Sports Marketing

Meet the golf brands that are changing the landscape of the sport

Drinks, joints, and a healthy dose of social media marketing are encouraging more people to take a swing at golf despite its historically elitist image.
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Grant Thomas

7 min read

It’s been more than 40 years since the release of Caddyshack, which follows several country-club members and their caddies as they golf and socialize. (Also, Bill Murray hunts a gopher.)

Sure, they have their differences, but the vast majority also have something in common: they’re white men.

These days, golf looks a little different than it did in the Caddyshack days: 66% of Americans believe the sport is becoming more inclusive, while nearly seven in 10 (69%) said it’s becoming more diverse, according to a survey of 2,013 US adults conducted by Marketing Brew and Harris Poll last month.

So golf has that going for it. Which is nice.

Still, the sport has a well-documented history of racism and sexism, and while nearly one-quarter of respondents (23%) said they play at least occasionally, men and those with high total household incomes (equal to or higher than $100,000 before taxes) are among the groups that play the most.

While there’s still work to be done, the sport is attracting new players, thanks in part to emerging golf brands that are focusing more on creating fun, accessible experiences than perpetuating old-fashioned trends like plaid knickers or pom-pommed hats.

Puff puff putt

Traditional golf is still an option, but there’s also a host of modern-era golf brands looking to attract those who want a different experience.

Pro skater Jack Fardell teamed up with five of his friends from Australia to start Walker Golf Things in June. The brand sells “things you want to wear to the course and the pub,” according to its website, while also aiming to “show off Australian golf,” Fardell told Marketing Brew.

“It’s not as elitist as it is in the US,” he said. “Here, you’ve got expensive memberships and crazy country clubs that are super private, hard to get into, and in Australia, it’s more like you go down to your local club and you can join for a reasonable price.”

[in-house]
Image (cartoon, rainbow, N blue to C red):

Other golf brands like Topgolf and Five Iron are also trying to make the game seem less stuffy.

Five Iron, an indoor golf simulator that opened five years ago, has a full kitchen and bar at each of its 14 locations, according to director of marketing Danielle Kindelmann, serving drinks like the “John Daly,” a spiked Arnold Palmer named after the golfer known for his “freewheeling attitude.”

Kindelmann said Five Iron doesn’t publicly share revenue figures, but noted that the company has opened three new locations this year, with three more to come before the end of 2022, and seven planned for next year.

Topgolf, a self-described “sports entertainment complex that features an inclusive, high-tech golf game,” serves drinks and plays loud music in an effort to to remove “some of the intimidating factors and barriers” associated with golf and “replace them with something that’s going to make you feel more comfortable, more at ease, and more included,” its CMO, Geoff Cottrill, explained. The company has more than 70 locations globally.

It merged with Callaway Golf last year, helping drive a year-over-year increase of about 22%, or $202 million, in net revenue for the combined company in Q2. Net revenue for Topgolf specifically increased by about 24%, or $78 million, during that time.

Eastside Golf, a golf apparel and accessory brand founded in 2019 to “inspire culture and promote diversity,” especially among young people and non-golfers, according to co-founder Earl A. Cooper, has a partnership with Corona that includes ads and co-branded swag.

Eastside has also collaborated with Jordan Brand. Cooper declined to share sales figures but said “we’ve been doing very well business-wise.”

In addition to beer, players might also catch a whiff of something green on the course these days—other than the grass under their feet.

“The more the conversation around cannabis has shifted, the more people are willing to come out of the woodwork and be like, ‘You know what, I’ve always smoked on the golf course,’ even people who you never would have traditionally pinned that way,” said Chris Shaw, founder of golf lifestyle brand Puffingtons, which sells cannabis-inspired golf apparel and cannabis accessories.